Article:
Corben Reviews His Linux Gaming Predictions for 2023


In February we are going to spend a bit more time reviewing the predictions made about a year ago by our different hosts about the future of Linux Gaming (for 2023). Today, here’s what Corben had to say about how his own predictions panned out!

SteamOS as a new Arch Linux based distribution on Desktops and other gaming devices

We see this already happening with the community driven holoiso, though currently only working properly with AMD GPUs. Probably this will be expanded to nVidia as well. Valve stated they would like to see SteamOS on more devices. Having a ready-to-use Distribution, with gaming focus and still be usable by the not-so-well-versed (Linux) user could be turning point for people to give it a try.

This did not happen. Yet? Valve still emphasizes they’d like to see more devices using SteamOS. Though some other big players were jumping onto the handheld gaming device hype, e.g. Asus with their ROG Ally, Lenovo with their Legion Go and soon MSI with their Claw, only one vendor now announced to ship their upcoming device with HoloISO: The new Ayaneo Next Lite. Windows 11 shipping on the other devices is not a great experience. I have both the Ally and the Go, and… well SteamOS would suit them so much better! But we do have some new distributions targeting this: ChimeraOS and Nobara. Would be great to be able to update the BIOS from Linux for those devices too, but here dual booting seems necessary.

Steam Deck as Desktop replacement

Valve is happy with the success of the Steam Deck, their team is motivated to improve the experience, and though it is mainly a gaming device, it is also a (Linux) PC. But it lacks some features to have it mainly as a Desktop PC if people choose to, e.g. currently a feature for battery “saving” is missing if you use the Deck mainly docked (so it keeps the battery between 40% and 60% to increase lifespan), booting into Desktop mode needs extra steps. But I also hope we see features like a 1:1 mirror of the gaming mode when docked or attached to an external monitor (currently it’s using the resolution of the external monitor).

There have been many improvements on SteamOS, but it didn’t get any setting to make it easier to boot directly into Desktop mode. Decky loader and the Power Tools plugin make it possible to keep the device from fully charging though and extend the battery lifespan if mostly plugged in. We’ve seen how Valve is natively implementing great features the community added via plugins, so this might become integrated at some point. With the Nested Desktop feature it’s not too much of a hassle to get into the Desktop from gaming mode though. A missing feature is to use the Steam and Quick Access button via keyboard. Ctrl+1 and ctrl+2 work only when not in a game.

Steam Deck in retail stores

So far the Deck has only been sold via Valve’s store page, except in certain Asian regions (Hong Kong, Japan, Taiwan, South Korea), where they are selling the Deck via a local partner. With Valve being able to have the Deck in stock, they can now start selling it in retail stores, which will increase its reach even more. Which means more Linux gamers!

Still only in Japan. The only other handheld gaming devices in retail stores are the likes of ROG Ally and Legion Go. Valve seems to have enough devices in stock, maybe distributing them in retail stores is much easier in Japan than in other countries though. In Japan they have teamed up with a 3rd party reseller for this, maybe that’s a requirement there to be able to sell it at all as a non-Japanese vendor.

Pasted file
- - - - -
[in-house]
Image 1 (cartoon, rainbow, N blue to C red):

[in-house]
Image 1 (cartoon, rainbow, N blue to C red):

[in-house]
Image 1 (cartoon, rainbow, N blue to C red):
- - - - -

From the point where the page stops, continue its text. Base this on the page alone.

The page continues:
Valve will encourage devs to build native Linux versions

During the announcement of the Deck, they said devs don’t have to worry much about Deck compatibility, as Proton will take care of it. They also said it wasn’t yet the time to talk about Linux versions. 2023 it is the time! This will increase demand of devs to be able to do this with the common Game engines. So the Engine tools will improve and make it more easy to create native versions for other platforms, especially for the Deck and Linux. The dream of a one-click export shall come closer!

So far I haven’t read about Valve trying to encourage devs to build native Linux versions for better Deck support. And reality shows it’s more of the opposite. Engines still aren’t optimized for Linux, devs are much better versed with the Windows API, and we’ve seen several games dropping Linux support or canceling Linux ports as the costs don’t justify the effort but go with Proton. Proton has matured a lot and performs really well. We can play these games on our favorite operating system, that’s what we want. Sure a native version would be preferred, but if Proton does the job so well, I prefer a better game instead.

Reaching 2% on the Steam hardware survey

Probably not, but I’m out of ideas and my recent predictions haven’t come true really. 2% will eventually happen, probably not this year though. Same for the Deckard, we’ll see more on it, more work behind the scenes shining to the surface for us to witness, but an official announcement could be still a few years out and they are currently having their focus on the Deck.

We didn’t reach 2%, but we got really close with over 1.9% recently, topping at 1.97%. Linux has outperformed MacOS on the Steam Hardware survey, and back then when Linux was below 1% while MacOS having about 2% devs were creating native Mac ports without hesitation. So shouldn’t it be easy to get Linux ports now? Unfortunately not, we do get Steam Deck support though, and that’s enough for me. Looking forward to seeing Linux rising as a gaming platform in general.

Thanks Corben! Here’s a few useful links on this topic: